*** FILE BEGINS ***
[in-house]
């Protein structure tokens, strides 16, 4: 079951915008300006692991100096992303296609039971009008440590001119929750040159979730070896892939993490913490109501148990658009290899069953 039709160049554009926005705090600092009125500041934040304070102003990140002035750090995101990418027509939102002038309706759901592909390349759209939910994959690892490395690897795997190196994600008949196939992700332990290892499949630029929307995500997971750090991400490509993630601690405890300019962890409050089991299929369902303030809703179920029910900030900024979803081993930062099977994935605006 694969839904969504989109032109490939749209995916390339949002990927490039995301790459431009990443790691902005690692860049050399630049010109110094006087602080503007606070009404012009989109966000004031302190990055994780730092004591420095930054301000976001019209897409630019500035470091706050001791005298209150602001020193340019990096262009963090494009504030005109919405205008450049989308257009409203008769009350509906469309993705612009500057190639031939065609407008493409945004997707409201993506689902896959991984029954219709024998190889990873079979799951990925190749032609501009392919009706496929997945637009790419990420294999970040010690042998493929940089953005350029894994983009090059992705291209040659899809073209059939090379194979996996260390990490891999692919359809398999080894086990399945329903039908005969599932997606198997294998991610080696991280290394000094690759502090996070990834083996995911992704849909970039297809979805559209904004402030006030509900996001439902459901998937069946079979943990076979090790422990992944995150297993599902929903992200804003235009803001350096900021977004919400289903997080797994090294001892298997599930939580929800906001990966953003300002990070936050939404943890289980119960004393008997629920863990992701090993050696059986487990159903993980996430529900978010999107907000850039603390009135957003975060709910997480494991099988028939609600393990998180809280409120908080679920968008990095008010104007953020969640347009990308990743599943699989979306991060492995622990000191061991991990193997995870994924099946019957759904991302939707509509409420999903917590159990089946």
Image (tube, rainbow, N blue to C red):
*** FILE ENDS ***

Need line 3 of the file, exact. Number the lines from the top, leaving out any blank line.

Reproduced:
Image (tube, rainbow, N blue to C red):